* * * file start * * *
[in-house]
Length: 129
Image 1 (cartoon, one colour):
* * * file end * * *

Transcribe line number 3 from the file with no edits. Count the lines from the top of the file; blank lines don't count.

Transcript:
Image 1 (cartoon, one colour):